No part of the world can be truly understood without a knowledge of its garment of vegetation, for this determines not only the nature of the animal inhabitants but also the occupations of the majority of human beings.
- Ellsworth Huntington
Terrestrial vegetation is one of earth's most vital natural resources. Crops provide food, fiber, and fuel that sustain human life, while native vegetation preserves biodiversity, builds and protects soil, and plays a key role in the water cycle. Human impacts on earth systems are often mediated by vegetation, through land cover conversion, cultivation of crops and transport of organisms around the globe. Besides the obvious value of crops, vegetation can also provide ecosystem services including erosion control, storage and filtration of water, wildlife habitat, and aesthetic appeal. Vegetation also plays a key role in the transfer of material between the atmosphere, soil and water bodies.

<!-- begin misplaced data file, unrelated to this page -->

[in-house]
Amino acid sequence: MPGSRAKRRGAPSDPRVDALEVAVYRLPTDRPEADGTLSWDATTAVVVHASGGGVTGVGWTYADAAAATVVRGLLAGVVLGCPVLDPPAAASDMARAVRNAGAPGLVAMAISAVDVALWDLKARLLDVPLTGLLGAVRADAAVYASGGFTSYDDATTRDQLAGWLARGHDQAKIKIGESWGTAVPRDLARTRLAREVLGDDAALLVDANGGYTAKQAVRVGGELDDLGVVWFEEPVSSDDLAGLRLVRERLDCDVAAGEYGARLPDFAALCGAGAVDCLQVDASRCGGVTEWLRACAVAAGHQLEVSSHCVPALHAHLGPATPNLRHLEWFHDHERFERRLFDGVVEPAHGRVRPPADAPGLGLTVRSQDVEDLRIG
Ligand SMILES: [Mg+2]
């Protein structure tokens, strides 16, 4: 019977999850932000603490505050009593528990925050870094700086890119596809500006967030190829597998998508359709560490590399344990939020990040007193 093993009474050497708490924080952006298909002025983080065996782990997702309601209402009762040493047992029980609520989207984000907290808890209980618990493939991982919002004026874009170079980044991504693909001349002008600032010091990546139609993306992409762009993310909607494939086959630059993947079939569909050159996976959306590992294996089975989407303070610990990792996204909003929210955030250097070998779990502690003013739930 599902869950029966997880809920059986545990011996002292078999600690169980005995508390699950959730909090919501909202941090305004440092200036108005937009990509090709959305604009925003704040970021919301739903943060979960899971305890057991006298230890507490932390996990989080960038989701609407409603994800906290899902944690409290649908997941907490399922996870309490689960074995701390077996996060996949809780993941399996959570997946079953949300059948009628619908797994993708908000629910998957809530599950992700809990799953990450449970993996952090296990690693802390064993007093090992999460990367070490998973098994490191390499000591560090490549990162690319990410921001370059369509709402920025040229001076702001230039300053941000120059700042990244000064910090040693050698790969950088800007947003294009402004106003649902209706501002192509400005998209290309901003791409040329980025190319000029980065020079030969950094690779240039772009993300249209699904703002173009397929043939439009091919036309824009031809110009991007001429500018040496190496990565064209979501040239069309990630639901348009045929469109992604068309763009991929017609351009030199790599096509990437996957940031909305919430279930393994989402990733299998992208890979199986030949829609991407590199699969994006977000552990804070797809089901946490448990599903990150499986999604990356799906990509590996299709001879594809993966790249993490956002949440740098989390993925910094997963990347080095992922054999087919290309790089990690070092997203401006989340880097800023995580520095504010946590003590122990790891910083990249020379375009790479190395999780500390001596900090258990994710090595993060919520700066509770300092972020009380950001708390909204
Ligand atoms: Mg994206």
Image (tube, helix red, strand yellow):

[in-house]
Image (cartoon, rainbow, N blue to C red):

Our program focuses on the interactions between vegetation and other critical components of the earth system. Our work ranges from evaluating impacts of crop management on productivity and environmental quality at the field scale to modeling impacts of large-scale land use changes, like deforestation and biofuel production. We also investigate the impacts of global climate change on managed and natural vegetation in our region.